While the statistics don’t lie, we should not be fearful or jump to conclusions when we find ourselves occasionally forgetting things. Most of us are probably experiencing normal changes in the brain.
While a true assessment can only be done by a neurologist or other clinician, we do wonder whether our memory problems are normal or whether we are showing symptoms of something more serious. Here are some tips to help make a personal assessment:
Missing a monthly payment occasionally, forgetting what day it is but remembering it later, or misplacing things and then finding them are typical of age-related changes in the brain and nothing to be worried about.
Losing things and being unable to find them, confusion with time, place, or season, difficulty having a conversation and inability to keep finances straight and manage money are red flags.
If your brain is healthy and you misplace your car keys, when you find them, you know that you need them to start your car. People with dementia might lose the keys, put them in an inappropriate place like a refrigerator and then have no idea why they are there and what they are supposed to be used for.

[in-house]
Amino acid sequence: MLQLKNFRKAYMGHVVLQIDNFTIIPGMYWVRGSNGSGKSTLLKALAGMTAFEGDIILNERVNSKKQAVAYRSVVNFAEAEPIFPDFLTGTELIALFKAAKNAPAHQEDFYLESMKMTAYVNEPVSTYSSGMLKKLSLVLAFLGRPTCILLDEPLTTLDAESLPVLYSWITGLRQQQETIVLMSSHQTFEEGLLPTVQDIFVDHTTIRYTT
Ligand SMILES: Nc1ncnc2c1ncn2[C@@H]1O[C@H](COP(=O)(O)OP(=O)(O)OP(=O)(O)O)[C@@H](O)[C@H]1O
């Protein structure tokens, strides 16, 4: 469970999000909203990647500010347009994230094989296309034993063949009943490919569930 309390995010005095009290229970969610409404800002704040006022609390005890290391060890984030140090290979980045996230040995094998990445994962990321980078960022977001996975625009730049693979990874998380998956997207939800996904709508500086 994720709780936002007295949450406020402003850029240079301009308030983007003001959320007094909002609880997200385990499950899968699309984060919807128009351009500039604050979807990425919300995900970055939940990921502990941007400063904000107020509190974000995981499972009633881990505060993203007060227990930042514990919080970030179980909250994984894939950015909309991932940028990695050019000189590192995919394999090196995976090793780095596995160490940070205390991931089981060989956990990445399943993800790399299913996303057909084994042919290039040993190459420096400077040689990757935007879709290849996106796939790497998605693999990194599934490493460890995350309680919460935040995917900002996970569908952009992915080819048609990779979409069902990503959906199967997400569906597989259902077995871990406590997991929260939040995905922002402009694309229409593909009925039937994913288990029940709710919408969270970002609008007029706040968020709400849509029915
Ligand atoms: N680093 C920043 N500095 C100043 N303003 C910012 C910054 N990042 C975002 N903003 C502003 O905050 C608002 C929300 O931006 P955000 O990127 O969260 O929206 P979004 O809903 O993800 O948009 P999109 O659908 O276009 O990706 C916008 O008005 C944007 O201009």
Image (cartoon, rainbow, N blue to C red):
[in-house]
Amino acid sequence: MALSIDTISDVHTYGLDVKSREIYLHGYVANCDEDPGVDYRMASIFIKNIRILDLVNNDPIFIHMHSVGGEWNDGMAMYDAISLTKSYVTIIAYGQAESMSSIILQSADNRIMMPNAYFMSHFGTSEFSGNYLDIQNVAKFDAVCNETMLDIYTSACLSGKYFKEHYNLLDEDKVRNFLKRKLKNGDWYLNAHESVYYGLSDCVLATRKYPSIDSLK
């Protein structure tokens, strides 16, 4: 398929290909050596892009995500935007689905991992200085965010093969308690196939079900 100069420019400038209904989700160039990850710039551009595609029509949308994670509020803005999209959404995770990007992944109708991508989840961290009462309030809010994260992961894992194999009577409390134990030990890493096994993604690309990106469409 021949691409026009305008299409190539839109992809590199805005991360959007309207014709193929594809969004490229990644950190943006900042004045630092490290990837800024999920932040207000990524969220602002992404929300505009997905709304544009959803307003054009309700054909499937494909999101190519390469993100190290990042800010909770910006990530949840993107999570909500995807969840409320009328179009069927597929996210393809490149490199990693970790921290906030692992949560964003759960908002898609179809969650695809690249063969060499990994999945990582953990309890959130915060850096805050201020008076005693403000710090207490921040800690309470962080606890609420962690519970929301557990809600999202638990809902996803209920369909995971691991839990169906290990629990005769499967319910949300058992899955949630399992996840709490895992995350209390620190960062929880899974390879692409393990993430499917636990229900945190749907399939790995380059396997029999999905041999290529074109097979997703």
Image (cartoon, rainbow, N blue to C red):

Many of us may not have a perfect sense of direction, but people with early symptoms of Alzheimer’s get confused. They might not find familiar places like grocery stores and get lost trying to find the way home.
We may tell the same stories to friends once in a while, but those with the disease may repeat themselves over and over again in a short time span.
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